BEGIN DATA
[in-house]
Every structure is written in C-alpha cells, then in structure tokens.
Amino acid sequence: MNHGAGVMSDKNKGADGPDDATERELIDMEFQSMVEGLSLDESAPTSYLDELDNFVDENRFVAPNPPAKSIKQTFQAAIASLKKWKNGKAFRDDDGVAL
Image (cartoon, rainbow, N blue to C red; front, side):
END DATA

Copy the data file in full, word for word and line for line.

[in-house]
Every structure is written in C-alpha cells, then in structure tokens.
Amino acid sequence: MNHGAGVMSDKNKGADGPDDATERELIDMEFQSMVEGLSLDESAPTSYLDELDNFVDENRFVAPNPPAKSIKQTFQAAIASLKKWKNGKAFRDDDGVAL
Image (cartoon, rainbow, N blue to C red; front, side):